Gladys Again: The Rising of the Moon


The Rising of the Moon by Gladys Mitchell

published 1945

Following on from the Gladys Mitchell session at the marvellous Bodies From the Library conference, I spent a lot of time reading the Great Gladys, and am also trying to answer the questions: which are her best books OR where’s a good place to start. And as a result there are a lot of posts about her – click on the label below for more.

You could safely start with this one: Rising of the Moon is one of her generally-admired books, and it is indeed excellent – it is a bildungsroman, a coming-of-age story: and it has a completely-convincing setting. Gladys Mitchell spent some of her youth in Brentford* on the Thames in West London – the day of the conference someone who lives there Tweeted me to say that she had read Rising of the Moon and it was very recognizable, full of real places. Mitchell has said herself that the two boys, Sim and Keith, are herself and her brother. Although published in 1945, it has a pre-war setting, she is obviously looking back at her own childhood. (She was born in 1901, so that would put the action of the book during WW1, which is not the case, so we can’t make it too autobiographical). It is a wholly-realized world and totally convincing as thoughts of the 13yo narrator, quite the achievement. Near the end, the boys are accompany a murderer alongside the river, and it reminded me of the tour-de-force passage in Charles Dickens’ Oliver Twist when Oliver has to accompany Bill Sikes as he walks around London. No greater compliment…

* Incidentally, as so often the way, having scarcely ever heard of the place prior to this book - in recent reading about Shakespeare I came across some references to Brentford as 'a place of amorous truancy & illicit pleasure'.  We might have thought it would have been a quiet riverside village in the 16th C, but it actually was a lurid notorious hotbed of vice, assignations, riotous taverns, and bawdy-houses...

The orphaned boys live with their older brother Jack and his wife June and the lodger Christina. Sim has this thought:

June would die at some conveniently early date, and so leave Jack for Christina. We should, by those means, at any rate keep her in the family.

A wholly unsurprising way to think. But still, the relationship with the lodger Christina is strange, with the cuddling and bedroom visits, though within the book this is loving but innocent.

There are scenes set at a circus, very unglamorised but a magnet attraction to the boys, and a dance hall, equally unromantic – but both full of details of the time, and painting a realistic picture. Christina goes out to the dancehall in a ‘pale green frock we had not seen before and a small fur cape on her shoulders’.

As often in her books, a corset come adrift from a murder victim.

It is much more easy to follow than some of her books, though really not clear about motives, and who exactly did what. Now in all honesty - they are all like that, but don’t let that put you off. It is well worth reading for the atmosphere, the setting and the very memorable narrator. Give Gladys Mitchell a go and give her a chance…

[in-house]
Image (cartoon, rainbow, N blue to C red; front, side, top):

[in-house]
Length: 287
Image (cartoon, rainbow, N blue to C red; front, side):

I am going to boast and say that I am very pleased with the pictures I found for the book:

Picture from Library of Congress is very American – two Cajun boys fishing on a bayou in Louisiana – but dates from 1940, and I think anyone who has read the book would agree they have a look of Sim and Keith fishing in the Thames.

The lion tamer comes from the National Science & Media Museum.

The dress picture – from 1930s Vogue – comes from the Clover Vintage Tumblr.


  1. You should be pleased with those pictures, Moira; they're great! I think you're quite right about Mitchell's writing. Sometimes things like motive, who does what, etc. are not crystal clear. But she was really good at depicting place, atmosphere, local customs, and so on. And there is some sly wit in her work that I like. I agree with you, too, that it's really hard to write a teen character. I give her a lot of credit for doing it well.

    1. Yes Margot, you are wise and right as usual. I am more mellow about her quirkiness now, and determined to enjoy the good bits. I think I used to wish she was more like Agatha Christie, who of course is my great heroine, but now I am more sensible and think she has her own ways.

  2. Not sure that bingeing on Mitchell is a good idea. She is too distinctive and too strongly-flavoured to take in large doses, I think.
    That said, this is one of her best, and almost coherent in its plot. She portrays Brentford - then a separate town, rather than part of London very well. The first-person narration works well too. The interesting question is whether she was aware of the emotional cross-currents between the various members of the family. Deliberate or not, they are convincingly drawn.

    1. Yes to all you say. I definitely found I had to alternate (at the very least) one of hers with something quite different. But she was very very talented in her way. I'd love to know more about what her contemporaries thought of her.

  3. Yes, for me, too, this is one that stands out. I agree, it is excellent by any standards. On the other hand, I have just read Death and the Maiden and it is quite bonkers, and not altogether in a good way . . .

    1. Oh me too! Once I read it was set in Winchester I had to read it next. Loving the setting, the plot.... not so much.


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